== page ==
Homily for the Proper 20, Year C
St. Mark’s Episcopal Church (Richmond, VA)
While I recognize that some of you are already scratching your heads about the meaning and purpose of today’s Gospel lesson, I’m going to ask your indulgence of going just a little further and hearing the next two verses of Luke’s Gospel:
When the Pharisees, who were lovers of money heard all this, they ridiculed him. So Jesus said to them, “You are those who justify yourselves in the sight of others, but God knows your hearts, for what is prized by humans is an abomination in the sight of God.
Today we get to wrestle together with a tough text: this seemingly strange teaching of Jesus which, on the surface seems to praise a shrewd and unjust manager who finds a way to “one-up” his rich boss by doing some discount deal-cutting with a few extended credit customers before he finds himself out of a job. That’s all in there. But it isn’t the full story.
If we listen with our hearts (and minds) open, we begin to recognize that this story is part of a theme that weaves throughout the teaching and example of Jesus’ ministry. Jesus repeatedly reminds us in word and deed that the way things are in God’s realm runs counter-intuitive to our human nature. As Jesus says repeatedly, “my kingdom is not of this world.”
But time and again, we hear the Word and then we live in the world. And sometimes there is profound dissonance between the two. We don’t need to look any further than today’s lesson which deals with the nature of debt and forgiveness: kind of a hot topic in 2022 as well. Jesus didn’t create the dissonance, nor do we. In parables like this, it just becomes obvious.
I think the dissonance begins with the parable of the prodigal son, actually, which comes immediately before today’s lesson if you’re reading the Gospel according to Luke from start to finish. Our lectionary moves that story into Lent, but I think that loses the flow of what Jesus is doing in this series of teachings. Most of you probably know the story of the prodigal son: there’s two brothers, one of whom stays home dutifully to help the father run the family farm, and the other asks for his inheritance, then goes off to the city and squanders it. After a dark night of the soul, he decides to return even as a servant, since the servants had it better off than he did. When he returns, his father welcomes him with open arms and throws a huge party in his honor. If we read it from the perspective of the lost son returning, it’s all about undeserved, lavish grace and forgiveness. We might feel some righteous indignation if we enter the parable from the perspective of the hard-working, loyal son who feels that dissonance when the prodigal is so generously welcomed after squandering his share of the family fortune, which means there’s less to go around for the stalwart sibling. If you went to the Whistler to Cassatt exhibit recently at the VMFA, you might have noticed Henry Mosler’s “The Return of the Prodigal Son” (1879) where the errant son comes home too late, and he is depicted, weeping, at his father’ death bed. That work of art was a cultural interpretation: a morality tale that re-cast the ending of the biblical story of the Prodigal Son in a way that aligned with the cultural values of hard work and reward, rather than ridiculously lavish grace and forgiveness.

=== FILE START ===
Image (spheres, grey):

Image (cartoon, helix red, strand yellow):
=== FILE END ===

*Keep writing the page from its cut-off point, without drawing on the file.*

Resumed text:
In what image do we see God?
And so we find ourselves back in the dissonance of today’s lesson. The shrewd manager ends up getting praised by his rich boss for finding a way to act even more shrewdly with those who owed the master money. Both the rich boss and the manager know how the world works: through cutting deals that make other people feel like they got the better end of the bargain, it will look good on them. Jesus embraces the dissonance to point out the strategy within these human relationships which makes it clear how the world works.
If that’s our game, then those are the rules. Following those rules has its human reward, and its consequences: the manager is still out of a job, and the people who seem to be his friends may turn around and be just as shrewd with him at some point. That’s how the game is played.
But what if that’s not our game. What if our game looks like the utterly ridiculous notion of forgiving someone who has squandered everything? What if our game looks like seeing the face of Christ in someone sitting on a park bench with their belongings shoved into plastic bags? What if our game is getting out of the rat race we’re socialized to think about as “the road to success” and instead making decisions about how we see the wealth and earnings entrusted to us as having a role in the betterment of humanity as God sees us all, rather than our own selfish struggle to beat others to the finish line where the one with the most toys wins?